Dickinson wastes no time warming up in this poem. She immediately lets the reader know that the poem is going to be about death.
"Because" is a clever way to begin. It immediately assumes the speaker is giving some sort of an explanation to an argument or to a question. This makes the poem seem active and alive, unlike many other poems, which sometimes take more of an observant position.
Stating that she could not stop for death means that the speaker didn't have a choice about when she was to die. We've all probably heard something like this before. Even if not, Dickinson reminds us that it's not really up to us when we die.
Dickinson capitalizes death, which is something she does often to nouns (sometimes without any reason). In this particular case she means to personify Death as a gentleman suitor who drives a horse-drawn carriage (personification means to give human characteristics or behavior to something that is nonhuman).
The line ends with a dash that is both characteristic of Dickinson's work and that really launches us into the next line. Think of it as an arrow or string, pulling you along to the next thing.
He kindly stopped for me –
And there it is – Death is a kind of a gentleman. Who knew?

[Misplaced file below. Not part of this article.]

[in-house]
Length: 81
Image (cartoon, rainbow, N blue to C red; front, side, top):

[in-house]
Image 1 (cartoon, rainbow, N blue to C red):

This line establishes the tone that most of the poem follows: one of calm acceptance about death. She's even going to enjoy the ride!
This is also kind of a spoiler. We have pretty good reason to believe now, by just the second line, that the speaker is going to escape this one alive.
The Carriage held but just Ourselves – And Immortality.
Pay attention to the line break here. Line 3 says it's just her and Death in the carriage, but line 4 complicates that by adding immortality. The break after "Ourselves" creates an "oh, wait!" moment and holds us in suspense until we drop down to line 4.
Be careful interpreting the capitalized nouns. We established that Dickinson personifies Death to make him a real character, but in these two lines the capitalized words probably aren't supposed to be characters as well. Of course, it is a poem, so anything can happen. But, since Dickinson often capitalizes nouns, it's probably safe to consider that she capitalized "Carriage," "Ourselves," and "Immortality" more for emphasis than anything else.
Let's take a look at these three important words.
By making "carriage" a proper noun (a capitalized noun), she makes it more specific and more important. In other words, it's not just any old carriage, it's her Death Chariot!
By "Ourselves" we can assume she means her and Death. The emphasis she places on the word also strengthens the relationship between the speaker and Death. It's almost like a foreshadowing, so we know something serious is going to happen between them.
"Immortality" is the most complicated and interesting word of these three and certainly gets us thinking. Our first instinct might be to ask, "Wait, you're riding in a carriage with Death – don't you mean mortality?" So this is the first hint we get that the speaker doesn't think of death as The End, but as a step on the way to eternal life – an afterlife of some sort.